Rinonos-Diaz: I tend to be involved in a lot of leadership things and when I first came to Western, the first thing I did on my first week was to come down to the Ethnic Student Center and see how I can start doing things here at Western, and that expanded to other leadership things across campus. And the biggest problem that I’ve seen is students that are doing things and they’re being active are getting distracted from their academics, and you tend to not do as well when you’re spending all of your time doing other things. And that is, I think, a huge problem, not just in leadership, but when students are not prioritizing as effectively as they could. I’ve noticed especially lately that there’re so many different ways that different areas on campus are starting to, I’m sure they’ve done it in the past as well, but it’s starting to rebound a little more. Like in the Ethnic Student Center there’s tutoring that happens between clubs and there’re academic, I don’t want to say, there are all motivations to do well academically in the Ethnic Student Center. In the residence halls they have floor study groups and things like that. So I think it’s really starting to, at least in my eyes, pick up.

I think just in general the most amazing thing related to academics or student life or anything in general is that at Western people do a good job of making individual students not feel isolated. I really feel like we do a good job of making it available to get involved within different areas or just letting students know that there are things to do and getting them to do it.

ASR: What are your three biggest goals for next year?

Rinonos-Diaz: The first one, the biggest goal that I have, is to get students a lot more involved and knowledgeable in the area of academic affairs. Because I think everyone knows what “academic” means and everyone knows what “affairs” means, but once you put them together into “academic affairs,” a lot of people don’t know what exactly falls into that realm. And those are decisions that are impacting everyone... So I want to get students a lot more involved in academic affairs. My second goal would to be to have much more outreach to students about our academic services that we have on campus: all sorts of things, from our tutoring centers to career services. Because all these different services that we have really are a lot of services for students and I feel like they’re being underused and if different aspects are being underused, then they’re being undervalued by students. And so I think that we really need to place emphasis on that, especially with our big budget issues that we’re having. If something is undervalued, then it might be something that we might not have. And then my third goal would be related to that, but getting student voices and student priorities heard and across to our administration, because there are going to be budget cuts, and we need to make sure that what students are valuing and what students are using and what is most helpful for students is what we’re keeping.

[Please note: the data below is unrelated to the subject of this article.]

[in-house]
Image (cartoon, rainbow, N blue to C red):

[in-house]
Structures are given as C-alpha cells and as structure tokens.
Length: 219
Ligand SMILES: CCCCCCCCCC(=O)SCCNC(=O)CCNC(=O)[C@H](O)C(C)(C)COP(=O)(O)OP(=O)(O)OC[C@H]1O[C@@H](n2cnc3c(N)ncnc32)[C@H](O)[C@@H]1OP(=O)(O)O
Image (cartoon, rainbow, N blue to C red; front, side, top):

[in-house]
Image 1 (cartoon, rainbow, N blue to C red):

ASR: When a student comes to you with a question that is beyond the scope of your job, how will you respond to this student?

Rinonos-Diaz: I think definitely sending them to someone who can help them whether I would know specifically who to go to or not, figuring that out would be the first thing that you do, making sure that the student knows just because I can’t do it I’m not going to leave you out here on your own. I’m going to make sure that they know ‘come with me and we’ll figure it out together, let’s go and locate the people that can help you and we’ll connect you together.’ Because it’s not about one person, it’s about all of us working as a group.